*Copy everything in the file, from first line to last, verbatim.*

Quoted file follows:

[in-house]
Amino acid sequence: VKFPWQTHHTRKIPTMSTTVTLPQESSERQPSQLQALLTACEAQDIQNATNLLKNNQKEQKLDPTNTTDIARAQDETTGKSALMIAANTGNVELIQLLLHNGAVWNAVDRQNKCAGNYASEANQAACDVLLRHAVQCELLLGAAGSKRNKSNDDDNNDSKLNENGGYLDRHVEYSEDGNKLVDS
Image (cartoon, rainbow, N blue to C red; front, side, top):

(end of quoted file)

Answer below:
[in-house]
Amino acid sequence: VKFPWQTHHTRKIPTMSTTVTLPQESSERQPSQLQALLTACEAQDIQNATNLLKNNQKEQKLDPTNTTDIARAQDETTGKSALMIAANTGNVELIQLLLHNGAVWNAVDRQNKCAGNYASEANQAACDVLLRHAVQCELLLGAAGSKRNKSNDDDNNDSKLNENGGYLDRHVEYSEDGNKLVDS
Image (cartoon, rainbow, N blue to C red; front, side, top):